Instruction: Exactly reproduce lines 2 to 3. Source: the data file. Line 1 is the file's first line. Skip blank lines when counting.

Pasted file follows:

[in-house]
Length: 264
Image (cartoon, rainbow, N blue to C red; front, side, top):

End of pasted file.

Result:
Length: 264
Image (cartoon, rainbow, N blue to C red; front, side, top):